Glen Davis, Stan Van Gundy trying to get on the same page in Orlando


Glen Davis is shooting too much in Orlando.

That’s the sentiment of Magic coach Stan Van Gundy, who called out Davis after Orlando’s 103-85 win over the Washington Wizards Wednesday night. Davis made 2 of 10 shots from the field and drew criticism from his coach afterward.

“He’s not playing well, and I’m not sure his mind’s on the right things right now,” Van Gundy said. “What we need him to do is defend, which he has done pretty well, rebound better than he’s rebounding and move the ball and set screens.”


Van Gundy’s criticisms hardly qualify as news to most Celtics fans. Doc Rivers had some much-publicized trouble keeping Davis in line during his time with the Celtics. In 2010, Davis complained to the media about not knowing what his role was.

“No, I’m not even worried about Glen Davis,” Rivers said at the time. “I think he’s living up to [his Big Baby nickname] …Let me put it like this: If Baby doesn’t know his role by now, he’s going to be sitting down a lot.”

Davis didn’t sit much during his time in Boston, and in a couple of ways Rivers had no choice but to play Davis extended minutes. Injuries, including one to Kevin Garnett during the 2009 playoffs, vaulted Davis into the starting lineup. But Davis’s play in stretches also earned him time. In almost 30 minutes per game last season, Davis averaged career highs of 11.7 points and 5.5 rebounds.

But with the good came the bad, including poor shot selection, with the video below being the most notorious example (you can see Rivers mouthing, “A three?” after a late-game attempt at one by Davis in 2010). About half of Davis’s shots came from outside of 12 feet or further last season, according to Van Gundy, but that number is more like 2/3 this season.


“I’ve seen the guy play very well,” said Van Gundy. “He’s a good player. He’s a smart guy. He should be able to figure it out. Sometimes it takes time.”

The player and the coach talked about the comments today, and they appear to be getting back on the same page.

“He can certainly get numbers,” said Van Gundy. “But a lot of what he does will never show up on the stat sheet: taking charges and diving on loose balls and setting screens and moving the ball and his team defense — things that are extremely important to your team winning games but will not get him a lot of media attention.”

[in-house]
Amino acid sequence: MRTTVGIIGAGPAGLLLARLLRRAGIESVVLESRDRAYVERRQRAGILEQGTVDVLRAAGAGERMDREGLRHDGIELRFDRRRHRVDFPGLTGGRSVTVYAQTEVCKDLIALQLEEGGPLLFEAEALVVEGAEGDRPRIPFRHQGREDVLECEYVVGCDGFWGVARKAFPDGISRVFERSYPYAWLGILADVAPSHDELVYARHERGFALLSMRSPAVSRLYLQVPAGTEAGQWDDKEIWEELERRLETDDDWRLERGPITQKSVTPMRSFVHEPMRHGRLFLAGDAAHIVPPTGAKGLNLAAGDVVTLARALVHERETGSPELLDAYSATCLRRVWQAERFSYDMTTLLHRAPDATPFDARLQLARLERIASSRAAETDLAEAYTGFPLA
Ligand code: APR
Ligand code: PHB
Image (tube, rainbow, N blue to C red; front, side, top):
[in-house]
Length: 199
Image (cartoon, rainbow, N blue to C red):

Said Davis, “There is a temptation to do well. You see Brandon Bass, who’s doing great. You see Ryan Anderson, who’s doing great. And you just want to contribute. You want to do something, because you know you can. But sometimes putting a lot of pressure on yourself, it’s not good. You end up doing the opposite.”

Bass has done very well so far with the Celtics, averaging 14 points and 6.6 rebounds per game to Davis’s 6.9 points and 3.9 rebounds. Bass is not shy himself, but he’s a more accomplished offensive player who — like it or not — commits to a move on the offensive end and carries it out. At this point, he fits in better with what the Celtics are trying to do.

Rivers always had a complicated relationship with Davis, but he refused to throw Davis under the bus on his way out. There’s a sense that Rivers likes Davis an awful lot and wants him to do well, though the coach’s comments on Bass are very telling.


“I like that he just plays hard,” said Rivers.”He’s low maintenance, just plays hard every night.”

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